Greetings from the editor’s desk at Speculum: A Journal of Medieval Studies. As always, I am delighted to introduce the research articles published in the new issue of the journal, in this case October 98/4 (2023). We again have an issue chock full of work by early career scholars. The issue opens with the article of Georgios Makris, “Jewelry and People in the Byzantine Cemetery of Parapotamos, Epiros,” which shows what jewelry interred in grave sites can tell us about gender, status, trade, and society in one small Greek community. From archaeology and material culture in Byzantium, we turn to Mary Channen Caldwell’s essay, “Multilingualism, Nova cantica, and the Cult of Saint Nicholas in Medieval England and France,” which moves us to the musical landscape of northwestern Europe to examine multilingualism as it emerges in songs written to honor Saint Nicholas in the high Middle Ages. Ethan Yeong Lee’s “Instruments of Penance: The Role of Testaments in the Penitential Economy of Thirteenth-Century Italy” reveals how a study of last wills and testaments can throw new light on spirituality and religious devotion of the period. Joshua Easterling’s “Idolatry of Feeling: Walter Hilton and the Inner Life of Heresy” contributes to the history of emotions with his reading of Hilton’s Latin and vernacular writings on heresy. And finally, Matthew Champion’s “Saint Catherine and the Clock: Possible Histories of Sound and Time in Fourteenth- and Fifteenth-Century France” offers a thought experiment about the sonic landscape of Rouen. The issue, then, presents exciting new research and methodologies by scholars representing the fields of art and archaeology; music; English and Latin literature; and history.
I would also like to draw your attention to a new section of the journal, inaugurated in this issue, that will become a feature every October, called “Recognition of Our Peer Reviewers.” Here we acknowledge the work of our unsung peer reviewers—those who have consented to be listed and those who wished to remain anonymous—for the uncredited but important work they do for the journal. Their labor is fundamental to peer review and their feedback serves to strengthen the quality of the articles we publish in Speculum. With this small token, we thank those who have freely given their expertise to the profession.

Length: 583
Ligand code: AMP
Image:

On a different note, I hope you have had the opportunity to listen to our new podcast, “Speculum Spotlight,” a collaboration with the crew at “The Multicultural Middle Ages.” As I noted in my last column, the scope of the podcast is (ordinarily) to introduce the work of an early career scholar, taking you behind the scenes in the making of a research article. Staying true to that mission, this month, Reed O’Mara, a PhD candidate in the Department of Art History and Art at Case Western Reserve University, engages in a far-reaching conversation with Georgios Makris on his research article cited above, but also taking you behind and beyond it. You can listen here.
New research is the journal’s lifeblood, so we take special pride when Speculum articles have received recognition in their respective fields. Four authors of articles published lately in the journal have been awarded top disciplinary prizes. In alphabetical order, they are:
Petros Bouras-Vallianatos, “Cross-cultural Transfer of Medical Knowledge in the Medieval Mediterranean: The Introduction and Dissemination of Sugar-based Potions from the Islamic World to Byzantium,” Speculum 96/4 (2021): 963–1008. November 2021 Article of the Month for The Mediterranean Seminar and Winner of the 2022 J. Worth Estes Prize, American Association for the History of Medicine.
Mary Harvey Doyno, “Roman Women: Female Religious, the Papacy, and a Growing Dominican Order,” Speculum 97/4 (2022): 1040–72. Runner-up for 2023 Hagiography Society Article Prize.
Elizabeth Papp Kamali, “Tales of the Living Dead: Dealing with Doubt in Medieval English Law,” Speculum 96/2 (2021): 367–417. Winner of the 2022 Sutherland Prize, American Society for Legal History.
Peter V. Loewen, “A Rudder for The Ship of Fools?: Bosch’s Franciscans as Jongleurs of God,” Speculum 96/4 (2021): 1079–1138. Winner of the 2022 H. Colin Slim Award, American Musicological Society.
Congratulations to all our authors on these richly deserved prizes. If your recent Speculum article has won a prize, please do let us know so that we can congratulate you too.
Finally, the editorial collective for Speculations, the upcoming centenary issue of the journal, emphasizes that the call for proposals is an open call. The issue will include 50 short articles, and the collective is committed to a broad and diverse representation of topics, subjects, methods, and medievalists. Our deadline for proposals is 1 December 2023. You can review the call for proposals below in this newsletter. We’d love to have yours among them!
Till next time,
Katherine L. Jansen